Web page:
section2

Country Gent
Dec 21, 2016
2,559
Toronto
Welcome to the forum!

Does your Bigsby have a tension roller? If so, that's the next place to check after looking at the nut. On some models, the tension roller can put too much downward pressure on the strings behind the bridge, causing the strings to bind and preventing them from returning to pitch.

You can test this theory by restringing your guitar with the strings overtop of the tension roller (i.e., bypassing the roller completely). If your tuning problem disappears, then you'll know the roller is to blame.

The cure for this problem is to replace the tension roller with a BiggsFix. The BiggsFix is a replacement roller which rides a little higher and uses higher-quality bearings. It's made by our fellow forum member @Setzerhotrod.

I'd try the nut first, then check the tension roller. I've had six or seven Bigsbys over the years, and I've never found that roller bridges made a difference to tuning stability. Once you get the nut and the tension roller sorted out, your guitar should stay happily in tune with its original bridge.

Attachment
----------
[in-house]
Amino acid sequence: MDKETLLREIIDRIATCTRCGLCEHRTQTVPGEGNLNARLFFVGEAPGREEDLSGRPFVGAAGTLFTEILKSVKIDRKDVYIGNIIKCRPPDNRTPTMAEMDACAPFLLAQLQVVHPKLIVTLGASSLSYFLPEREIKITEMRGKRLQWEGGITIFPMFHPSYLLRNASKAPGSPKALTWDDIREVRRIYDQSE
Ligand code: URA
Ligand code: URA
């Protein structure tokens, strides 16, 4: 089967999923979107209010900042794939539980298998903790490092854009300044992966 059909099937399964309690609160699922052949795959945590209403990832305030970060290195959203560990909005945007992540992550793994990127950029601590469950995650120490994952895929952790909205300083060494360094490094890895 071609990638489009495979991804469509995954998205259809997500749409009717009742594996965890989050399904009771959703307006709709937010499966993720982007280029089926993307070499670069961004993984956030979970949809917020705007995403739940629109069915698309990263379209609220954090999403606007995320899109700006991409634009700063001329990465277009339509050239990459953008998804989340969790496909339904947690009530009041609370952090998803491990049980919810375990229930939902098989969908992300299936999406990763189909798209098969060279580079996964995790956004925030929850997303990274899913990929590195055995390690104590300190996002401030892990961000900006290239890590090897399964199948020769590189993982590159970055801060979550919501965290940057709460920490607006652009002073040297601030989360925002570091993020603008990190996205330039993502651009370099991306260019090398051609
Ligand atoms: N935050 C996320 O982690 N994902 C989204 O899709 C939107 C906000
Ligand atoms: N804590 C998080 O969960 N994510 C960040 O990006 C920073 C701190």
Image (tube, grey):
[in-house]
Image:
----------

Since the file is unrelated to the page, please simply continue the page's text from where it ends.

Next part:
Shawnrule62

Electromatic
May 17, 2020
5
Beaver PA
Welcome to the forum!

Does your Bigsby have a tension roller? If so, that's the next place to check after looking at the nut. On some models, the tension roller can put too much downward pressure on the strings behind the bridge, causing the strings to bind and preventing them from returning to pitch.

You can test this theory by restringing your guitar with the strings overtop of the tension roller (i.e., bypassing the roller completely). If your tuning problem disappears, then you'll know the roller is to blame.